Understanding the science of conflict

Posted 25 February 2016 by
Betsy Kendall, COO and Head of Professional Services, OPP

turbulanceconflictsignPeople seem to be divided into those who think conflict is a bad thing that should be avoided if at all possible, and those who see it as the necessary spark that drives creativity and peak performance.

Neuroscience seems at first glance to support the ‘avoid it at all costs’ view: when people feel threatened, the flight/fight response kicks in. The newish term is the ‘amygdala hijack’. Whatever it’s called, it stops the problem solving part of our brain working optimally, which is something all of us can agree is not a good thing in most working environments. So how can we regain control of the plane after the hijack?

In the immediate aftermath of the perceived threat and the triggering of the amygdala, we’re best to practice mindfulness, call time out or simply count to ten. But once our adrenalin subsides we still have to face and resolve the conflict. What then?

The TKI conflict stylesTo manage conflict productively we need to understand the science of conflict; that there are different styles which we all need to master to be proficient in handling the range of conflicts we face. The TKI instrument describes the five conflict handling styles, and what I find most helpful is that it enables people to see that they can step back and consider the issue that’s causing conflict in a wider context – then they can consciously choose which style they use. For instance, if the conflict is over something very important where maintaining relationships is vital, it will be worth investing the time and effort generally required by using the ‘Collaborating’ win-win style. By contrast, where the issue is much more important to your opponent than it is to you, but there is value for you in building your relationship for the long term, then using an ‘Accommodating’ style is the smart move. If you’re the fire marshal in a burning building and people are debating how to evacuate, then winning in the ‘Competing’ style might save lives. Of course, conflict doesn’t always trigger a hijack: conflict is simply when two people don’t agree. Regardless of whether conflict triggers emotion, being aware of which style(s) you favour, learning when to use which style, and gaining skills in your less preferred style(s) not only makes you more effective in handling conflict, it also makes the prospect of conflict less daunting.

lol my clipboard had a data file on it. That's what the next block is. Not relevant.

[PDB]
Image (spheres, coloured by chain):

michaelbrownconflictMichael Brown, Independent Behavioural Change Consultant, has created four videos that are great fun: they show how not to deal with conflict, highlighting how unproductive it is when someone’s preferred style isn’t a good match to the conflict situation they are in. Here is the first scene of the video, the full version of which is available from How NOT 2 videos.

Michael has worked with the TKI instrument for more than 12 years and regularly introduces teams to the model, and his videos are a great way to embed the different styles. You can stop the action or pause when the questions come up on screen to engage the group in spotting which styles are being used etc. To support group sessions, we have just relaunched a TKI poster (see the graphic above) where individuals can plot their preferred style.

Our consultants have found that bringing professional actors into leadership development programmes such as our work with Celesio enables managers to practise and get feedback on their use of different conflict handling styles. Actors can create an increased level of realism and challenge to maximise learning.

The very best negotiators are able to use all five of the TKI styles, and there is no reason why you shouldn’t too.

The TKI instrument and supporting resources are available from OPP. The assessment requires no qualification training to administer, although a one day instructional course is available.

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